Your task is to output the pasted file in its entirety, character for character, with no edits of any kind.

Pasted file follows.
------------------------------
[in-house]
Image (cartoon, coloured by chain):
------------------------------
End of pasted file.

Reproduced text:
[in-house]
Image (cartoon, coloured by chain):